BREAKING NEWS: Oil drops below $1 a barrel

Oil prices sunk to their lowest level in decades on Monday, trading below $1 a barrel.

That price is more than a 90 percent decline from the market close on Friday, after prices periodically dipped to another new low over the course of the day.

Oil prices fell as low as $0.01 on Monday, the lowest price since the New York Mercantile Exchange began trading oil futures in 1983.


The low prices for West Texas Intermediate oil comes as demand for oil has fallen 30 percent as people quarantine due to the coronavirus, leading to a massive surplus of unneeded oil and fuel.

“There is such a massive supply surplus and very little places to store it, and that's what’s driving this,” Jim Burkhard, vice president and head of oil markets at IHS Markit, told The Hill.

The dramatic drop in oil prices hit multiple new lows throughout the course of Monday morning, hitting the lowest price in more than 20 years when it fell to a little more than $10.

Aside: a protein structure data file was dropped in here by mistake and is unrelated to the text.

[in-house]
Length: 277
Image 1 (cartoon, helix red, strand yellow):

Prices are expected to rebound Tuesday, however.

Oil purchases are made on monthly contracts, a reflection of the time needed to get the product to market. Monday is the last day to purchase oil under the May contract, with bidding on June contracts starting tomorrow.

Other efforts underway may also ease tension in the market in the coming months.

Companies have begun limiting their production, temporarily capping wells.

U.S. production is expected to drop by a little less than 5 percent for the rest of the year, according to market analysis by EIA.

Meanwhile, the Department of Energy is preparing to rent 23 million barrels of space within its Strategic Petroleum Reserve to oil companies — space they would pay for in oil.

The Trump administration has also floated the idea of paying oil companies to leave their product in the ground — a way of ensuring U.S. production falls after President Trump committed to limit production as part of a deal with other oil-producing countries.

But Burkhard said additional storage space will only help so much.

“It's not going to change the overall picture. It could help some companies that may need storage but it’s not going to conjure up demand growth, and demand collapse is the core problem,” he said.

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